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Et in Arcadia Ego: A Class and Gender Analysis of 'Brideshead Revisited' and 'The Secret History'


  • Hanne Bovide Lindén

Summary, in English

Even though Evelyn Waugh’s Brideshead Revisited and Donna Tartt’s The Secret History were written almost fifty years apart, they share many similarities. They are both forms of academic novels and they both depict the University and College as places excluded from the surrounding world where the characters can act out their desires in their adolescent years before they enter adulthood. In both novels, the protagonists come from lower or middle class backgrounds and are invited into the upper class. They both become infatuated and fall in love with the people in that world and the world itself. By comparing these two novels and analysing them using a class and gender perspective, this essay studies how factors like the academic world, class, gender and sexuality affect the protagonists in their admiration for the surrounding characters, but also how these factors affect each other. This essay argues that during the time the characters are within the closed environment of the school they defy norms of gender and sexuality but as they step out of that environment they begin to act according to the social structures of the rest of society.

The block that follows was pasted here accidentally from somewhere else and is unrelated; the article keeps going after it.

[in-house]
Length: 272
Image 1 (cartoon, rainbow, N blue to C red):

Publishing year




Document type

Student publication for Bachelor's degree


  • Languages and Literatures


  • The Secret History
  • Brideshead Revisited
  • Evelyn Waugh
  • Donna Tartt
  • Sexuality
  • Gender
  • Class
  • Homosexuality
  • Academic Novel


  • Birgitta Berglund (FD)